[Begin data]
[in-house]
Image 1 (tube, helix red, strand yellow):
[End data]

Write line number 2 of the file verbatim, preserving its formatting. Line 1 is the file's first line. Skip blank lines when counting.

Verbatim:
Image 1 (tube, helix red, strand yellow):